What to Serve with Chicken Cacciatore:

With the chicken cacciatore braised to flavorful, fall-apart perfection, all that’s left to do is serve & enjoy!

Two pink ceramic bowls filled with chicken cacciatore served over creamy polenta sit atop a creamy white plaster surface. A few sprigs of fresh thyme, two gold forks, a small wooden pinch bowl filled with grated parmesan cheese, and two glasses of white wine surround the bowl.

What to serve with chicken cacciatore?

I really like serving chicken cacciatore over creamy polenta, which is a cornmeal porridge similar to American grits. Polenta’s comforting, creamy texture & mild flavor really takes on the big, bold flavors of chicken cacciatore beautifully. I like to zhuzh up this polenta – it couldn’t be easier to prep! – with a little butter & parmesan for extra flavor. Chicken cacciatore is also great over rice, mashed potatoes (these are our all-time fave!), or with your pasta of choice (a beautiful egg pappardelle or fettuccine are my top picks!).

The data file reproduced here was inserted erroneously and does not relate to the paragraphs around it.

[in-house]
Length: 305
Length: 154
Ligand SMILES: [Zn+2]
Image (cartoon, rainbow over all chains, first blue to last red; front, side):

Spoon the cacciatore sauce & braised veggies allllll over the polenta or potatoes or pasta, then set a braised chicken thigh or two on top. Finish with fresh herbs, grated parmesan, & crushed red pepper flakes, as desired.

What wine goes best with chicken cacciatore?